When to Go
All the high-season/low-season trade-offs are here. Winter (June through August) means drier weather and easier traveling, but it's prime vacation time for those in the Northern Hemisphere. Don't forget that three major observances—Inti Raymi (June 24), Peru's Independence Day (July 28), and Santa Rosa de Lima (August 30)—fall during this time, and translate into exceptionally heavy concentrations of Peruvian travelers. (Also consider that Sundays are free for cusqueños.) The result is higher lodging prices and larger crowds at these times. Prices and visitor numbers can drop dramatically during the summer rainy season (October through April). Note that January is the height of rainy season, and the Inca Trail is closed in February. For near-ideal weather and manageable crowds, consider a spring or fall trip.
Entrance to Machu Picchu is limited to around 6,000 visitors a day, 600 at a time for 10 entry periods. In low season, this won’t present a problem, but if you are traveling during the winter months (North American summer), be sure to purchase your entrance tickets ahead of time to ensure you get the time slot you want. If your heart is set on hiking Huayna Picchu, the mountain that is in front of Machu Picchu and affords great views of the citadel below, you should purchase tickets in advance regardless of the season. If you are not using an agency, you can purchase tickets yourself online at www.machupicchu.gob.pe.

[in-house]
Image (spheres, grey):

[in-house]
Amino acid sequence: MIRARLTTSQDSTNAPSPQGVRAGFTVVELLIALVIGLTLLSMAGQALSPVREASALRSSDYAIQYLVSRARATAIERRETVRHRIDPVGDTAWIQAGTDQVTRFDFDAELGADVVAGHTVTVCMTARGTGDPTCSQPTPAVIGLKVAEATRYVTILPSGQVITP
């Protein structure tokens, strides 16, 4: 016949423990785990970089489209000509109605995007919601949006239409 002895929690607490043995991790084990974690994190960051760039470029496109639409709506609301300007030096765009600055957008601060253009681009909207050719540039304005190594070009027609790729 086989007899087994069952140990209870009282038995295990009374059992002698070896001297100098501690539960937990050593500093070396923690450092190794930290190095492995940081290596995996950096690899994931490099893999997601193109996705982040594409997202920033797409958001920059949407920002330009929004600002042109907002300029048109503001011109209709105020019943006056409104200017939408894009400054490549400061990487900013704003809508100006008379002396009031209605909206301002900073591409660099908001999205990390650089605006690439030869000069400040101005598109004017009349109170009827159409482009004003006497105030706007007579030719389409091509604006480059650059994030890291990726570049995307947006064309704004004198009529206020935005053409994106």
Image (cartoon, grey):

You often hear rumors that Machu Picchu will be closed to tourism in order to preserve it. Although this is highly unlikely to happen, there are ongoing discussions and proposals being considered to help protect it. Limiting the number of daily visitors is a good start, as is timed entry, but additional measures include enforcing existing regulations that require all tourists to be accompanied by licensed guides and restricting the amount of time that you can spend in the citadel. Be sure to check the current status of regulations with a tour operator when making your plans.
Although many travelers day-trip to Machu Picchu, an overnight in Aguas Calientes (the town below the site) lets you experience the ruins long after the day-trippers have left and before the first train and tour groups arrive in the morning. An alternative is to take an evening train back to the Sacred Valley and overnight there. When booking your return train, it’s best not to do so for the same day you are flying out of Cusco, just to be safe.